Now in its third season, Halt and Catch Fire has completed its transformation into a different series from the one it started out as — that is, a bland story about two hustling guys at the dawn of the personal computer age. It’s now a bland show about two hustling women at the dawn of the personal computer age.
As you know if you’ve watched it, or if you’ve read many of the adulatory pieces about it, last season Halt shifted its attention away from obnoxious hustler Joe (Lee Pace) and earnest brainiac Gordon (Scoot McNairy) to focus on tough coder Cameron (Mackenzie Davis) and ambitious entrepreneur Donna (Kerry Bishé). They’re now considered, as one male character describes them in the premiere, “the queens of the jungle. … They run the place.” Their characters also pretty much run the show. In the two-hour season premiere on AMC Tuesday night, the core cast of characters has relocated from Texas to Silicon Valley in 1986, to be at the center of the action under new showrunners Christopher Cantwell and Christopher C. Rogers, the writers who created Halt.
What has remained consistent throughout Halt‘s run is the slow pace of storytelling. No plot point, no new idea, no new character is ever introduced without being repeated with minimal variations. Unlike other, superior period dramas (The Americans, Masters of Sex, Mad Men), Halt and Catch Fire doesn’t seem to trust that the viewer will know what it’s talking about. Halt doesn’t seem to comprehend what I call the Aaron Sorkin Rule of Drama, which is: It doesn’t matter whether a viewer understands the details of what’s being said, as long as the narrative content and pacing is lively and clever enough; knowledge is acquired through razzle-dazzle osmosis. As I realized when my gaze wandered and I began to contemplate whether my living room needs a paint job, the episodes have very little visual storytelling — you could listen to this show like a radio broadcast and still get the gist of it.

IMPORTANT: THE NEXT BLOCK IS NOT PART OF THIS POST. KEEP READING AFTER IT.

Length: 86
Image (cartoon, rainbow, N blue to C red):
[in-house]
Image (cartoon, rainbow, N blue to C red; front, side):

One good thing Halt has done is to introduce Annabeth Gish as a computer executive who has a daughter in the same school Donna’s daughter attends. She portrays a more engaging vessel for the sexism-in-the-workplace theme Halt hammers away at. Were it not for Gish’s Diane Gould, the show would keep telling us sexism existed in 1980s computer culture — not exactly breaking news, then or now — with little dramatic effect.
The other thing Halt has done this season is introduce a young employee, Ryan, played by Manish Dayal. He’s there for a number of reasons, including to represent the expression of youthful ambition meant to resonate with millennial viewers who feel insufficiently appreciated by bad baby boomers (Ryan yelps, “I have ideas!” to any oldster who’ll glance at him). Ryan represents the first generation that takes personal computers for granted, as their birthright, but has yet to become a full-blooded character we can care about.
Big plot points this season include private chat rooms, antivirus software, and Internet commerce. Big distractions this season include what a moody, bearded drag Joe has become. Lee Pace is cut off from the rest of the cast in the early episodes by Joe’s self-imposed myth-making (what Cameron witheringly terms “this whole humble Zen master thing”) and his spouting of oracular pronouncements about the future of technology. He exists, early on in the third season at least, in a parallel plot with the ones involving Gordon and Cameron and Donna. As such, he seems safe from being supplanted by the show creators’ intention to make female characters its focus, but I wouldn’t mind a Halt and Catch Fire that was built around Gish’s Diane Gould rather than these mopey computer geeks.
Halt and Catch Fire premieres Tuesday, Aug. 23, at 9 p.m. on AMC.